RE: Finding the Intersection ...

Another way of looking at the various choreography proposals is by
identifying a bunch of different areas/themes (e.g. choreography vs.
orchestration vs. workflow vs. something-else, as it was discussed on this
list a couple of weeks ago), and then finding intersections in each one of
those domains. From what I know of those proposed specs, not all of them
focus on the same areas, and some cover a couple of areas but are stronger
in some and weaker in others.


-----Original Message-----
From: Champion, Mike []
Sent: Friday, September 06, 2002 12:21 PM
Subject: RE: Finding the Intersection ...

> -----Original Message-----
> From: Mark Baker []
> Sent: Friday, September 06, 2002 2:47 PM
> To: Champion, Mike
> Cc:
> Subject: Re: Finding the Intersection ...
> Correct me if I'm wrong Mike, but I think what you're saying here is
> that you want to look at the features/capabilities of the
> specifications and find their intersection, not so much the
> architectural principles and/or assumptions made by those specs.
> I can see value to the former interpretation, but not so much with the
> latter, for some of the reasons given at the end of this message;

Hmmm .. I guess I agree that the intersection of divergent "architectural
principles" may end up with the null set.  Perhaps "components, operations,
and relationships" would be a better way to put it than "principles."

For example, I hope we can dig through the WSCI and BPEL/etc specs to find
what they have in common as to what they want to accomplish, how (roughly)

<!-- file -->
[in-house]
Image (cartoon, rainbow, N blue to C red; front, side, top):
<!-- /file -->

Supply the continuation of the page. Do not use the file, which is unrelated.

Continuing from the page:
they do it, and relate it to widely understood concepts in computer science
or industry practice (e.g., coordination languages/tuple spaces, just to
pull something out of the air).   If we find a coordination protocol that
has a "distributed object" flavor and another has a coordination protocol
that has a "tuple space" flavor, I for one am not going to say "different
architectural principles, conceptual mismatch, nothing we can do with this."
I'm going to say, "If we abstract away the implementation mechanism, these
are more or less the same conceptual objects that are related to each other
in roughly the same way.  Maybe we can highlight the common architectural
role they play, and draw a box to encapsulate their differences behind a
common architectural abstraction." 

Perhaps Paul Prescod's musings about HTTP's GET/PUT/POST/DELETE and SQL's
SELECT/INSERT/UPDATE/DELETE are a good example of what I'm thinking of.
Someone might say "HERESY -- HTTP is an ad hoc conceptual mess, and SQL is a
(partial!) implementation of the formal Relational Algebra, and it is folly
to pretend that the Web is a DBMS!!!"  I'd say "Interesting how the same
canonical set of primitive operations got distilled out of radically
different disciplines, maybe there's some deeper architectural unity at work

So, I think we probably agree, and "principles" was not the right word [ahem
--  emails do tend to be brain dumps, not well-thought-out analyses].  On
the other hand, I don't want to get too religious about "architectural
principles" that may have more underlying unity than their competing
advocates might realize.  That's pretty much the whole point of my message:
There are very good "marketing" reasons  --broadly defined, and I'm not
using this term as a slur for a change :-) -- for exaggerating the
differentiation among essentially similar products, technologies,
specifications, etc.  Our job is to peel away arbitrary distinctions (be
they business-driven, technology-driven, or ideology-driven) among web
services concepts to find the "essences" inside. 

Received on Friday, 6 September 2002 15:31:37 UTC